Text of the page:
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Commentary: To the citizens of Willmar from Bruce Gomm

I had hoped when the Municipal Utility Commission voted in favor of the league hiring an attorney saying "the investigation will examine the effectiveness of the utilities' management," that the intent would be to look at all management and to do a complete investigation. But I was very clearly told by this attorney that this was not the scope of her investigation. She was instructed to only look into wrongdoing by the general manager.

Prior to my interviews with this attorney I was not told what any of the allegations were against me and I was not given access to my documentation to show the facts of what was really happening. Was I perfect? Of course not. But did I do anything that I would worry about being made public? No. I have answered allegations ranging from timing of communicating information to Commissioners to not giving a certain employee a pay increase. It seems like every decision I have made since I was hired has been scrutinized.

Unfortunately, in my opinion, the investigation simply did not reveal the truth of the situation. Therefore, I am putting my case before you -- the citizens of Willmar in the hope that the truth will be told.

I have been accused of activities disruptive to utility operations. In my opinion, what has been disruptive to utility operations is putting the general manager on administrative leave at a time when it would kill three years of work on our solar project, jeopardize the power plant improvement project, and stall the final negotiations of future power supply contracts -- all of which would have ensured the long term viability of this utility.

Do the citizens of Willmar think it is right that since I have been put on administrative leave the utility has fired the two individuals that certain commissioners complained were hired because they belonged to the same church that I do? It apparently doesn't matter that I did not even personally know one of the individuals who is a Hispanic minority or that the other individual is from St. Cloud and attends a different congregation than I do. I hired two individuals that were absolutely qualified for their jobs and also happened to be Mormon. Two out of numerous hires that I have made across different departments at the utility. I grew up Catholic, my wife's family is Lutheran, we have attended many wonderful functions at the Assembly of God Church. Do you know how many people I hired who belonged to these churches? No you don't. And neither do I. And that is because a person's religious affiliations should not be a factor in hiring -- or firing -- someone.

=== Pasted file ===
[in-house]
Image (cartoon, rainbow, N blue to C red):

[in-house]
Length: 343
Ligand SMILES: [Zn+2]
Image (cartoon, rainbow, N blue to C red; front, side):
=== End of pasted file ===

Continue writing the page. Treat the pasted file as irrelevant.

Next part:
I have been told that there is concern regarding the amount of time that I worked. I am a salaried employee, and that means that I set my hours and work whatever it takes to get the job done. Most other utilities this size have a general manager, a CFO, and an operations manager. All of these responsibilities were on my plate. From the time I was hired I was told that these positions, which were vacant, needed to be filled. But they have not. Because of this it has been impossible to accomplish my responsibilities in a 40 hour week. I have routinely worked 50, 60 and many 70 hour weeks. The WMU Policy Manual allows salaried employees to accumulate comp time. But I have never been in a position where if I worked 70 hours one week that I could take 30 hours of comp time the next week. And because of the scrutiny and questioning from employees anytime I did choose to use a few hours of comp time -- I chose instead to routinely use my PDO time when I needed a few hours of personal time. All of this is easily verified. And it is personally very upsetting to hear rumors that I was not putting in the time when in fact I routinely put in an excessive amount of time.

I think that Willmar Municipal Utilities is a great utility and a benefit to this community. I think that the majority of employees at the utility are honest and hard-working individuals who have treated me very good as their manager. It is very disappointing that the actions of a few could cause so much harm. But I feel it is my ethical responsibility to answer to the public for whatever concerns they may have. If you personally would like to ask me, write a letter to the editor, comment on this article -- however you choose to ask me -- I will try to honestly answer you -- as much as I am allowed by the law.

Bruce Gomm is currently the general manager of the Willmar Municipal Utilities. He has been on administrative leave since Dec. 12 pending an investigation.